The School of Anthropology and Conservation lab tour

Technicians from Schools and departments across the Universtiy visit the state-of-the-art facilities in the Marlowe building

As part of the University’s Technician’s Working Commitment, James Kloda, Technical Support Officer for the School of Anthropology and Conservation, and postdoctoral research associate Dr Jim Labisko showed fellow technicians from other Schools and departments around the state-of-the-art facilities in Marlowe building at the centre of campus.

Research in conservation genetics is spread across two molecular laboratories. One is dedicated to DNA extraction and PCR (Polymerase Chain Reaction) preparation with a second lab dedicated to PCR amplification and downstream analyses, yielding such research impact as former PhD student Andrew Buxton’s work on Great Crested Newt eDNA. The facility includes thermocyclers for standard PCR and quantitative PCR as well as UV-hoods in both laboratories for work on low-yield or degraded DNA samples.

The School also houses an ecology laboratory featuring many live specimens such as the Golden mantilla frog and the Mexican salamander (axolotl). In addition, there is a further collection of amphibians and reptiles that are used for educational purposes both within the lab and in their natural habitat at a dedicated field site on campus. In preparation for fieldwork, students are trained in the safe capture, handling and measuring of such fascinating and threatened creatures.

The Ethnobiology Laboratory focuses on the identification of useful plants, herbarium practice, on culture and taste perception, and material culture. The lab’s general reference collection of biocultural objects is meticulously stored with objects arranged by botanical family in alphabetical order, while large items and animal materials are stored separately. The lab also houses the Ellen fieldwork collections and the Audrey Hardcastle collection of botanical illustrations.

The Human Osteology Research Lab investigates questions related to growth and development, and diet in humans, non-human primates, our fossil ancestors and other mammals. The lab specialises in tooth and bone histology and stable isotope analysis, and is fully equipped for bone sectioning, high-resolution microscopy, image analysis and collagen extraction. In addition, the lab curates an extensive human skeletal pathological collection and related radiographs. It is also home to KORA (Kent Osteological Research & Analysis), an established unit offering osteological analyses of human skeletal remains both on-site and within the lab.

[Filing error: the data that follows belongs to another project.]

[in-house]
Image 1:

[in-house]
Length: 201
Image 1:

The Animal Postcranial Evolution Laboratory (APE) investigates the evolution and functional morphology of the postcranial skeleton, with a focus on humans, non-human primates and their fossil ancestors. The goal of its research is to better our understanding of how bone shape and structure reflect function and behaviour in living and fossil species. A variety of methods are used, including comparative metrics of external morphology, analyses of internal bone structure (trabecular and cortical bone) and in vivo biomechanics of locomotion.

The Virtual Palaeoanthropology Laboratory investigates the evolutionary history of humans from 7 million years ago to present. Its research aims are to reconstruct the lineage that led to the origin of modern humans after the split from our common ancestor with the chimpanzee/bonobo lineage focusing on hominin systematics, skeletal and dental functional morphology, skeletal biology and behaviour. A variety of methods are practiced on high-specification workstations including high-resolution micro-computed tomographic (microCT) imaging, image analysis software, bone structural analysis and geometric morphometrics.

The Hugh Brody Room is a modern editing suite for visual anthropology projects and ethnographic filmmaking, fully equipped with 16 iMacs running Premiere Pro and a large plasma screen to present group screenings. High-end cameras, tripods and audio recorders are available to loan for students wanting to make more practical and creative contributions to research.

The recently refurbished Charles Darwin laboratory, as much a museum space as a practical classroom, is a fully-equipped scientific research space housing the School’s impressive cast collection of human and primate skeletal models, which includes fully-mounted skeletons of a chimpanzee and spider monkey, and a reconstruction of a gigantopithecus, the largest ape known to man.

The School also has a dedicated undergraduate computer room furnished with 32 PCs replete with high-definition monitors and premium hardware perfect for teaching statistics and spatial modelling.